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Re: historical performance tool for oracle and/or sql server?

From: Mladen Gogala <>
Date: Mon, 15 Mar 2004 15:11:22 -0500
Message-ID: <>

On 03/15/2004 02:50:22 PM, Mogens Nørgaard wrote:

> I recently had lunch with a fine lady, who used to be an account manager
> for IBM, selling mainframe systems to large companies. She isn't
> technical, so I tried to explain about the excellent instrumentation of
> the MVS and Oracle software. She then said: Well, when a large mainframe
> customer decides to upgrade to some new CPU, the boys can tell the
> customer exactly how much the response time will improve (or not) for
> each application in the system.
> Imagine being able to do that in our world.

We can lie, too. Telling someone that the application will work that much faster with that many times faster CPU is what DEC used to call "technical support on the marketing level". What the lady forgot to tell you is the infamous "spiral of death". It goes like this: you are told that the new CPU will speed up your apps by the factor X, so you buy the new CPU, and it fails. Then the IBM-er comes in and proclaims that the thing is not working because you need more memory. You buy more memory, and you still don't reach your goal. Gang from the big blue comes in and tells you that you need new channel controllers to be able to fully utilize all that wonderful RAM you bought. The channel controllers are bought and installed, and the effect is only the fraction of the expected one. Consultants tell you that your machine is hunky dory, but in order to fully utilize the new toy, you need the new release of the OS. After that, you are told that in order to fully utilize the new OS, you need a stronger CPU.... It's nice to see that the fundamentals of the IBM world haven't changed much. What do you think that "IBM" stands for? "I've Been Mugged".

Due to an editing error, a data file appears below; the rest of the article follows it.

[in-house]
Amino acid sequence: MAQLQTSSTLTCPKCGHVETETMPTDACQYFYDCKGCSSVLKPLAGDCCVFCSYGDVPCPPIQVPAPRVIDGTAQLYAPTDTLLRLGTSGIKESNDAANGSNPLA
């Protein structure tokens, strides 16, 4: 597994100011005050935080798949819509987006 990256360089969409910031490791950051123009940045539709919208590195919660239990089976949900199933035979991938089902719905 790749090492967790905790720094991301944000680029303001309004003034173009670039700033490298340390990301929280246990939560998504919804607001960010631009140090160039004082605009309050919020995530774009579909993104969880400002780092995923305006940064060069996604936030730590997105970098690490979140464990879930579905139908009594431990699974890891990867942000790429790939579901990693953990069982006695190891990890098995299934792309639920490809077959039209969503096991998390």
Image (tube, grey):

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Received on Mon Mar 15 2004 - 14:07:51 CST

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